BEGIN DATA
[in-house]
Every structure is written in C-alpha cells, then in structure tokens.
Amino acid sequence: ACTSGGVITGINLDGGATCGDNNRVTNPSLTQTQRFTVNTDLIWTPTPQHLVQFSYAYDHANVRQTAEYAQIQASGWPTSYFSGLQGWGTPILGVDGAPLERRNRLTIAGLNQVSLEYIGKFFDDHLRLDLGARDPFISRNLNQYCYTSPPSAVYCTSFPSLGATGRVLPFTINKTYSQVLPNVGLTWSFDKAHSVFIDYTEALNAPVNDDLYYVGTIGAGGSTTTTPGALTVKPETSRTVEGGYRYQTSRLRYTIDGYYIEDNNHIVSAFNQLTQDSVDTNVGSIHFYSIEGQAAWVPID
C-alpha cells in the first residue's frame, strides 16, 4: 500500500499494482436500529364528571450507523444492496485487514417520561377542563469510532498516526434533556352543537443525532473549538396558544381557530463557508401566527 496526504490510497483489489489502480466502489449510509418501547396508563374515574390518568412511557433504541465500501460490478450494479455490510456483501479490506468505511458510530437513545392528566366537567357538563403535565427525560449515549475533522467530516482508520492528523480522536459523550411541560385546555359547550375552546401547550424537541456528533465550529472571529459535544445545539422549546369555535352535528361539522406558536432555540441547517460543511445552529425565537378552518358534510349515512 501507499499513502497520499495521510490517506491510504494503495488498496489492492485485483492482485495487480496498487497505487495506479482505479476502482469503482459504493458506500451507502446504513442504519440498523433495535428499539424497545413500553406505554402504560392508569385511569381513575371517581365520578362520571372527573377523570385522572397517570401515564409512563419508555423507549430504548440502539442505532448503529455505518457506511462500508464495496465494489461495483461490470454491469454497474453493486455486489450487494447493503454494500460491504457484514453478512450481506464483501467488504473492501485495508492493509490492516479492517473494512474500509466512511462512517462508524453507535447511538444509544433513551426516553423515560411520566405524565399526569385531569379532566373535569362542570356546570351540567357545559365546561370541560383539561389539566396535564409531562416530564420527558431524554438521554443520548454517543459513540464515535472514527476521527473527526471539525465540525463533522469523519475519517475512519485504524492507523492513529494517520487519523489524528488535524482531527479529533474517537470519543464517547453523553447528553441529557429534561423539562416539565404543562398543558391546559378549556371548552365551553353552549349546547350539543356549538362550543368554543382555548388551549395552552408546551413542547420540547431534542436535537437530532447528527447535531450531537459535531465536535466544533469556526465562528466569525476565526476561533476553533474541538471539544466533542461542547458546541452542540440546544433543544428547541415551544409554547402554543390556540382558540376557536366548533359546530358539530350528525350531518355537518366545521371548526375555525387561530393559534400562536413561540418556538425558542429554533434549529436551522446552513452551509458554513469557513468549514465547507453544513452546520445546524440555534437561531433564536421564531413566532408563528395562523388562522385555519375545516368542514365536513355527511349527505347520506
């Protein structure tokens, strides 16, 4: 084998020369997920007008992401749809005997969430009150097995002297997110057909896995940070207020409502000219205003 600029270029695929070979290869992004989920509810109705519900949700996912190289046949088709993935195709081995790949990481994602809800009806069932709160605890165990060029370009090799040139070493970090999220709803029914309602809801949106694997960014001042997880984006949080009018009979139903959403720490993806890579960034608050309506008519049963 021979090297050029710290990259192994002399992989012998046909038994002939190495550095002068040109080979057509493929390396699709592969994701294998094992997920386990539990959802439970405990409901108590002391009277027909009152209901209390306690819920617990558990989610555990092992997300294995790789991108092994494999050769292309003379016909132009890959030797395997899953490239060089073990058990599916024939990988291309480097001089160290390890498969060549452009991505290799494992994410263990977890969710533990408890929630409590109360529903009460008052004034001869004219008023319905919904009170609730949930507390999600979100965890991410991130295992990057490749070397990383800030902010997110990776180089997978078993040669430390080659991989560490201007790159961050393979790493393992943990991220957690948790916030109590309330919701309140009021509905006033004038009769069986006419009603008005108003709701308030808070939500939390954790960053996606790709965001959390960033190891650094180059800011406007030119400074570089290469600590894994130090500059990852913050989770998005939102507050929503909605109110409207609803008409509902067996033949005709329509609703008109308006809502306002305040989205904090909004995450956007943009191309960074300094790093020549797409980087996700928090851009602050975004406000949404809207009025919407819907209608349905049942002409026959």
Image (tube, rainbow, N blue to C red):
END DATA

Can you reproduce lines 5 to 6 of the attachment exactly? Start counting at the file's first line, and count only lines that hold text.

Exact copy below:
């Protein structure tokens, strides 16, 4: 084998020369997920007008992401749809005997969430009150097995002297997110057909896995940070207020409502000219205003 600029270029695929070979290869992004989920509810109705519900949700996912190289046949088709993935195709081995790949990481994602809800009806069932709160605890165990060029370009090799040139070493970090999220709803029914309602809801949106694997960014001042997880984006949080009018009979139903959403720490993806890579960034608050309506008519049963 021979090297050029710290990259192994002399992989012998046909038994002939190495550095002068040109080979057509493929390396699709592969994701294998094992997920386990539990959802439970405990409901108590002391009277027909009152209901209390306690819920617990558990989610555990092992997300294995790789991108092994494999050769292309003379016909132009890959030797395997899953490239060089073990058990599916024939990988291309480097001089160290390890498969060549452009991505290799494992994410263990977890969710533990408890929630409590109360529903009460008052004034001869004219008023319905919904009170609730949930507390999600979100965890991410991130295992990057490749070397990383800030902010997110990776180089997978078993040669430390080659991989560490201007790159961050393979790493393992943990991220957690948790916030109590309330919701309140009021509905006033004038009769069986006419009603008005108003709701308030808070939500939390954790960053996606790709965001959390960033190891650094180059800011406007030119400074570089290469600590894994130090500059990852913050989770998005939102507050929503909605109110409207609803008409509902067996033949005709329509609703008109308006809502306002305040989205904090909004995450956007943009191309960074300094790093020549797409980087996700928090851009602050975004406000949404809207009025919407819907209608349905049942002409026959």
Image (tube, rainbow, N blue to C red):